Before I had my first child, I thought women had to decide between being a mom and a fulfilling, successful professional life. I was wrong. Very wrong. In fact, the more kids I had, the more opportunities came my way. Not in spite of my kids, but because of my kids. I landed my dream job in my forties, after I had my 6th child and before I had my 7th. Sure, it’s not a Fortune 500 career trajectory or a Sheryl Sandberg version of success. But it’s my version of success -- and happiness.
What’s the secret? Forget the rules. And be true to yourself and the things that last.
Sheryl Sandberg famously told women during a commencement speech to “put our foot on the gas pedal and keep it there.” My advice is exactly the opposite! Pursue your dreams, but don’t be afraid to slow down or jump off the train when your heart calls you to tend to things that last – love, marriage, babies, and happy kids. You can always jump back on the train. It’s your journey. You don’t have to choose between June Cleaver or Barbara Walters. There are miles of space between them.
When I was pregnant with baby #1, I was an at-home mom by default (I thought I was in between jobs). With time, my decision to be home became a conscious one that felt right for me and my husband. The most surprising thing was that the more kids I had, the more I found I was able to put on my plate. You know the adage, when you want something done, ask a busy person. It’s so true. Having kids taught me to prioritize, delegate, and accept life’s imperfections. I also learned the all-important skill of jumping off the train: taking breaks in career and passion pursuits to tend to the things that last. It’s scary. You wonder if you can jump back on; if you’ll still be relevant. But every time I did it I came back stronger. I lived my life and cared for my family as the seasons of my life demanded. I ignored the trends and voices telling me that what I was doing at home with my kids and family wasn’t important or would take me permanently out of the game. I stubbornly remained true to my heart, my values and the things that last.
In time, I came to realize there are people, companies, and organizations that could benefit from my experiences. Networks, editors and political consultants want to know how millions of hard-working moms like me think. And so I wrote a blog, a book (one of the hardest things I ever did), helped my husband run and win a congressional campaign (exhilarating and stressful), became a political pundit, a speech writer, a media spokesperson and consultant for a non-profit, The LIBRE Initiative.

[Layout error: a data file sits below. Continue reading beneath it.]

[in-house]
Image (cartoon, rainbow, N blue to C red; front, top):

It definitely didn’t come overnight. It’s sixteen years in the making. I started out on little known blogs and eventually got published on established websites. I did skype interviews out of my living room on livestream websites, bribing kids to stay quiet while I did my five-minute segment. Eventually, those small jobs led to on-air live in-studio interviews and regular guest spots. There are times I had to say no because a child was sick or I was too pregnant to travel. Other times, I was so tired and homesick I wished I had said no. Finding the right balance is experimental. It’s imperfect and requires constant recalibration. But we learn and we grow.
Today I work and write from home with occasional travel for television segments on The Today Show, FOX News’ Outnumbered and other cable news shows. My life and work today are more interesting than I ever imagined it could be when I held my first baby in my arms. At that time I was in love with my baby, but terrified about how she and her future siblings would alter my life. Motherhood is beautifully life-changing. Instead of fighting its constraints, surrender to them. Realize that they are making you more patient, more wise and better prepared to pursue your dreams. Let them shape the contours of your journey into a life well-lived and blessed by the things that last.